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   RE: [xml-dev] Effective DOM (was RE: [xml-dev] Effective XML)

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> -----Original Message-----
> From: Champion, Mike [mailto:Mike.Champion@SoftwareAG-USA.com]
> Sent: 03 January 2002 15:18
> To: xml-dev
> Subject: [xml-dev] Effective DOM (was RE: [xml-dev] Effective XML)
> ...But in my biased opinion, it seems like a pretty straightforward way to use the
> generic XML object model.  It will be MORE useful when Level 3 defines
> standard load/save, validation, and XPath access interfaces are defined, of
> course. 

Yes these facilities will help, but it's unfortunate that they've been left 
until Level 3 -- they'd have saved a lot of heartache if they could have been 
dealt with earlier, IMO.

> I'd be interested in hearing concrete examples of why people find the DOM
> painful to use, in what ways JDOM and dom4j seem more friendly (besides
> their native Java idioms, of course), etc. 

Well the native Java idioms cover a number of reasons why I like JDOM and 
dom4j. I completely understand why the DOM interfaces are language-neutral, 
and rightly so. However that's why I was suggesting (and Fred Drake seems to 
agree) that if the primary object model for your application is that of the 
XML document, then the DOM is the correct model. However if you're just 
importing/exporting XML data from an application then another API will probably 
be easier to work with. This seems to fit well within the design goals of 
the DOM. 

I'd also place this as slightly different decision to whether one should adopt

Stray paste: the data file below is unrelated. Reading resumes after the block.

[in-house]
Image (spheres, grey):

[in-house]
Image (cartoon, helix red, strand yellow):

a JAXB-like tool. I'd suggest these are useful if you're using XML data to drive the 
creation of the majority of your application objects. Slightly different than 
choosing a handly tree API to work with -- and as we've seen before this is 
often the model that beginners prefer to work with.

>I have three motivations for soliciting this input:
> - Improving the standard DOM down the road 
> - Defining convenience layers on top of the W3C DOM that minimize the pain
> - Defining and documenting DOM gotchas, workarounds, best practices, etc.

IMO, the last two of these seem to have the most promise, mainly because I'm 
in favour of capturing best practices, but also because it was knuckling down to write 
a number of utility functions that ended up minimizing most of my pains. 

Are there any public collections of DOM utilities? This might be a useful thing to 
collect together if there isn't.

My list of utilities includes:

- document factory, and writers (obsolete with JAXP and DOM Level 3)
- methods to convert nodes to text (e.g. getting text content from 
elements, etc) and simple Java types, e.g ints
- getting the path for a given node
- pruning elements, including shifting their children upwards in tree
- pruning by name
- moving children between elements
- renaming elements
- node copying utilities (for moving nodes between documents)
- moving attributes into text content and vice verse
- DOM searching (i.e. quering) using a simple XPath subset

I also ended up implementing some of the DOM interfaces, e.g. 
DOMException, NodeList, NamedNodeMap to support some of these.

The majority of these were for a scripted transformation engine I wrote in 
1999. For this DOM was the right model, and besides there's wasn't anything 
else :)




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